Since its philanthropically funded launch, the Flex Pool has expanded through multiple funding sources and has housed more than 1,000 people in scattered-site units. The city plans to continue investing in this private rental market approach in addition to providing site-based PSH. The Flex Pool was just one of several efforts led by CHI, including the Moving On Initiative and Rising Up program, that stakeholders point to as effective proof points for how philanthropy can test new approaches that lead to long-term change.

“What you're trying to do is make strategic investments that point the system in a different direction and then help the policy to catch up with that directional change,” Block said. “The Flex Pool is a short-term success that, faster than anybody could imagine, changed the system.”

Investing in the expertise and power of people with lived experience

CHI’s investments also included a crucial element that was previously missing from the system: the expertise of people with relevant lived experience. A few years into the initiative, Tipping Point created a Community Advisory Board (CAB) comprising a group of around seven people who were experiencing or had formerly experienced homelessness.

CAB members—who had previous experience with advocacy in the homeless community—met monthly to discuss CHI’s work, weighing in on public campaign designs, the name of Tipping Point’s innovatively funded PSH building, what resources should be provided to people entering housing, and other proposed investments. Tipping Point paid CAB members for their time and expertise throughout the initiative.

TJ Johnston, member of CHI’s Community Advisory Board (CAB) Couper Orona, members of CHI’s Community Advisory Board
TJ Johnston (left) and Couper Orona (right), members of CHI’s Community Advisory Board (CAB), stand outside Tipping Point Community’s building in the Financial District in San Francisco. Johnston and Orona, alongside other CAB members, used their experiences to advise on CHI’s proposed investments and activities.

Mayra Sierra, former community partnerships and inclusion manager at CHI who led the initiative’s work with the CAB, said that as soon as the board was created, “it changed the soul of the initiative.” She and other CAB members emphasized the importance of consulting people who have experienced homelessness to make sure a new idea will be successful.

“If you don’t have people that understand it, that have lived it, touched it, tasted it, felt it, how do you know what to do about it?” said CAB member Couper Orona. “I ride the fence on the unhoused world and the regular world. I can take what’s happening here and tell people out there on the street what positive things are happening or what's about to happen, and I can give people hope. And then I can bring what’s happening out there in here to say, ‘Hey, look, this is what's happening on the street, and this is what people need, and this is what people want, and this is why they're giving up.’”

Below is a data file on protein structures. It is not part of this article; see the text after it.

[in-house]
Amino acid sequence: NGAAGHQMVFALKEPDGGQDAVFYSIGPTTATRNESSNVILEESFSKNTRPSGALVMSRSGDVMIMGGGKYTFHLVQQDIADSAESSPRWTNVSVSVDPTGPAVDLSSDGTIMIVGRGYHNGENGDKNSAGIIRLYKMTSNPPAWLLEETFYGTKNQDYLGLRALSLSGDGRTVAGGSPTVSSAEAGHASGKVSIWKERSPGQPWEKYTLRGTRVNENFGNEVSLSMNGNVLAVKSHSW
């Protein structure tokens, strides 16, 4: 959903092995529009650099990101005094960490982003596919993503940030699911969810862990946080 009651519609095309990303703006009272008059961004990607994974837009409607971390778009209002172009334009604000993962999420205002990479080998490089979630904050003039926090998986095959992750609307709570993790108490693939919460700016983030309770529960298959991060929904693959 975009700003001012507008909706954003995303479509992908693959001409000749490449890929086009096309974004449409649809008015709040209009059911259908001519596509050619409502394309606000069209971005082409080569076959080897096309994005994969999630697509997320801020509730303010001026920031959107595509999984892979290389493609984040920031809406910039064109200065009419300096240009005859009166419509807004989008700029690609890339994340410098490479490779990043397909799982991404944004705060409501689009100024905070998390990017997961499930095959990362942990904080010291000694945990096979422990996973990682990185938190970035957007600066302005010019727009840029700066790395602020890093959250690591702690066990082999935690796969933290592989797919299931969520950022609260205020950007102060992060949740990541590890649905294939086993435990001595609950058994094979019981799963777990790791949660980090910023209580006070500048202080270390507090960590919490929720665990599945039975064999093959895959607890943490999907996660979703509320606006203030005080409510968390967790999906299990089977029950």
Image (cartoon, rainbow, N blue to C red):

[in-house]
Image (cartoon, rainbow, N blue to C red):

Couper Orona, a member of CHI’s Community Advisory Board (CAB), speaks with Tipping Point Community founder, board chair, and former CEO Daniel Lurie.

TJ Johnston, another CAB member, added, “Anything that the CAB would come up with based on our own lived experiences might seem out of left field to someone working at Tipping Point. But when we do have those encounters, I feel like they're better informed of those experiences.”

In addition to advising on CHI investments, Tipping Point also created a participatory grantmaking fund for CAB members, providing them with $200,000 to divide among service providers in the city who they thought needed it most. CHI staff briefed the CAB on grantmaking and grant-writing processes but gave the members full decisionmaking power. CAB members chose around six grantee organizations, many of which were small organizations that were well known in the homelessness community but had not been Tipping Point grantees.

“That showed that we trusted the CAB, and we know that if they say it's important, then we should listen. Money is power,” Sierra said. “And part of the beauty of it was when we awarded the funds, we let the organizations know that not only was it was not Tipping Point that chose them, but it was people with lived experience who chose their organizations.”

Travis Chapman, a member of CHI’s Community Advisory Board, stands outside Union Square.

Travis Chapman, a CAB member, advocated for one of the grants to go to At the Crossroads, a service provider that had helped him when he was experiencing homelessness. “I helped out one of my favorite programs, so that really mattered to me,” he said.

The CAB no longer convenes as of CHI's closure in June 2022, but initiative staff hope their successes show other funders and government stakeholders the importance of seeking out the insights of people who have experienced homelessness and giving them decisionmaking power.